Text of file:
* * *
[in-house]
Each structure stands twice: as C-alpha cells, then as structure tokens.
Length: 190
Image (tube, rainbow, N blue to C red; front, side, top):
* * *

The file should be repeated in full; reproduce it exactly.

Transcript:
[in-house]
Each structure stands twice: as C-alpha cells, then as structure tokens.
Length: 190
Image (tube, rainbow, N blue to C red; front, side, top):